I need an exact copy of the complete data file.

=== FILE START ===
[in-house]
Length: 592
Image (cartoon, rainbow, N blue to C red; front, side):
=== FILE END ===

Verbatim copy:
[in-house]
Length: 592
Image (cartoon, rainbow, N blue to C red; front, side):